I recently attended a Serious Youth Violence Summit held by the Government in Downing Street as part of my role sitting on the Home Office’s Serious Violence Taskforce.
Serious Youth Violence and knife crime have been major issues in Streatham since I was first elected in 2010. Since 2017 I have sat as a Commissioner on the Youth Violence Commission, chaired by my colleague Vicky Foxcroft MP, and I am a member of the All Party Parliamentary Group for Knife Crime. Before then I was Chair of the London Gangs Forum.
It has become clear to me that a public health approach to Youth Violence is necessary to tackle the problem, which is a model that has already found success reducing violent incidents among young people in Glasgow.
I am pleased that the Government now agrees with the need for a public health model, and has written to attendees of the Serious Youth Violence Summit setting out the actions it is taking in response to this issue.
In April 2018, the Government released its Serious Violence Strategy. This included:
- An Early Intervention Youth Fund of £22 million, which is already supporting 29 projects in England and Wales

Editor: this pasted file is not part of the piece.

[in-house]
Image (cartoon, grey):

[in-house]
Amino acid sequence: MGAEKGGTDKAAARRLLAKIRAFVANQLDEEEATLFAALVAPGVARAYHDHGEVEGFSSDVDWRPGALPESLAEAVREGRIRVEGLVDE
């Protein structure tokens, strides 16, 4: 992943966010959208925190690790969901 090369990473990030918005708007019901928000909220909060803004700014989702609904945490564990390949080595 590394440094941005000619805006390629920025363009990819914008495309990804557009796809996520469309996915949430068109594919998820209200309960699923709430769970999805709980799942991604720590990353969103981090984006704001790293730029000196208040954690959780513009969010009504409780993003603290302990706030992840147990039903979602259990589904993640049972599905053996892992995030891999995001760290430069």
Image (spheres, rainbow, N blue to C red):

- A new National County Lines Co-ordination Centre
- An anti-knife crime Community Fund which provided £1.5 million in 2018/19 to support 68 local projects to tackle knife crime
- A national knife crime media campaign – #knifefree – to raise young people’s awareness of the consequences of knife crime.
Coinciding with the Summit, the Government announced the following:
- Impetus, in partnership with the Early Intervention Foundation and Social Investment Business, will run the new Youth Endowment Fund, which will support interventions with children and young people at risk of involvement in crime and violence, based on £200 million of new Government funding.
- £100 million additional funding in 2019/20 to tackle serious violence, including £80m of new funding. This will go both directly to Police, and be invested in new Violence Reduction Units.
- Police in the seven forces particularly affected by violent crime will gain greater use of section 60 stop and search powers where they reasonably believe that an incident involving serious violence may occur, with six month reviews of the policy. New guidelines on how best the police can engage with communities on the use of stop and search.
In addition to these measures, and the Serious Violence Strategy published in April 2018, the Government have now announced the following:
- A new Ministerial Taskforce to coordinate cross-government action, supported by a new, dedicated, serious violence reduction team in the Cabinet Office which will be directly contactable by Taskforce members.
- Coordination of non-government action towards a public health approach to youth violence.
I will continue to monitor the government’s commitment to tackling youth violence in my roles on Serious Violence Taskforce as MP for Streatham.